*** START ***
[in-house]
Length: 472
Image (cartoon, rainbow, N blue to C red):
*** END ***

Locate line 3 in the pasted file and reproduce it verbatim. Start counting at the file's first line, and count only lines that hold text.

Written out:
Image (cartoon, rainbow, N blue to C red):